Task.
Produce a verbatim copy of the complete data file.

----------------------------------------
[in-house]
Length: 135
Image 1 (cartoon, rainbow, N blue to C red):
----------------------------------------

[in-house]
Length: 135
Image 1 (cartoon, rainbow, N blue to C red):